The UN claims that peacekeeping forces only stay for as long as is necessary to establish a peaceful transition, however, there are several countries in which peacekeepers have been stationed for five years or more, with seemingly little outcome. As the Indian ambassador to the UN stated in an interview for the Guardian, “Peacekeeping is not an end in itself. The end is political stability and peacekeeping is just a tool to bring about political stability. What’s happening now is the cart is being put before the horse. I think that’s a very unfortunate development.”
For example, even after their failure to stop the killing of 8,000 Muslims in Srebrenica, Peacekeepers were present in Bosnia for nearly seven years after the genocide was over and a ceasefire was declared. This seems less like facilitating a transition and more like the UN attempting to have control over that transition rather than leaving it to the people of the country. Additionally, in Haiti, UN Peacekeepers have been active in the region since as early as 1990, meaning that there has been a UN military presence in Haiti for over 25 years, a presence that is not slated to end until late 2016. This has not served to make the country more peaceful, as evidenced by the violence surrounding the country’s most recent election.
The reason that the presence of peacekeepers often results in little measurable outcome is because UN Peacekeepers have very little jurisdiction to help out in troubled situations, and sometimes they end up getting in the way rather than helping. For example in Rwanda, Peacekeepers could do little more than stand by while innocent people were murdered right in front of them because their mandate from the UN did not cover using force to protect people from slaughter.
They were not allowed to use military force to stop the violence, which rendered them essentially useless. Additionally, troops were pulled out of the region just as the genocide was at its worst, which proved to be not only a tactical failure but a public relations disaster that the UN is still trying to mitigate.
There have also been major issues in the UN mission in South Sudan, where there have been significant problems of sexual abuse and violence that the peacekeepers have done little to stop. According to the UN news website, the organization has denounced the violence and claims to be working with community leaders, but it has so little jurisdiction for action that there is little hope of real results.
According to Al Jazeera, the fighting that has plagued the country since the latest election has continued to spiral, causing a massive flight of Sudanese people out of the country. Soon the Peacekeepers may have more than reported sexual violence to contend with, though it remains to be seen whether they will be given wider jurisdiction to deal with the crisis.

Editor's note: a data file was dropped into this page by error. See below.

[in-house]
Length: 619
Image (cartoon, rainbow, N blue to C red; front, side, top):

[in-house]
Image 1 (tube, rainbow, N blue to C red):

All of this is especially troubling when one considers the massive portion of the UN’s budget that goes towards peacekeeping efforts. The over 100,000 soldiers who are engaged in 16 peacekeeping missions around the world suck a full $8 billion out of the UN’s budget, but most of the conflicts they are involved in just continue to get worse. T
his money could instead be going to efforts such as disaster relief or economic development in struggling countries rather than an extraneous force that accomplishes no real good. Based on the UN’s peacekeeping track record, it is more than likely that these missions will keep draining money from the coffers of the international community while conflicts continue to rage on around the world with no end in sight.
So why do UN Peacekeeping missions continue to expand even with minimal results? The main driving force behind the continued spending is a desire on the part of the UN to publicly appear as though they are effectively addressing the world’s problems. Putting boots on the ground is a way of physically justifying their role in the international community by proving that they are taking action in the midst of violence and instability. Much like the TSA at the airport, they serve as a security blanket that makes people feel better, but does not actually make anyone safer.
It has also been proven repeatedly that the UN’s processes for addressing humanitarian crises in ways other than through peacekeeping forces are largely ineffective. For instance, the Advocates for Human Rights recommends that issues of violence or violations of treaties should be addressed on a domestic level since UN procedures are slow and cumbersome in general.
This makes sense, considering that ultimately the UN only has the authority that is granted to it by sovereign states, and it is not in itself a sovereign entity. Sending troops in its name gives it the illusion of sovereignty, and insures that money will keep flowing for these missions that they want the world to view as vital. In essence, the UN is justifying its authority and existence through the use of troops, while communities like those in Rwanda and Srebrenica continue to suffer tragic losses in the face of their inaction.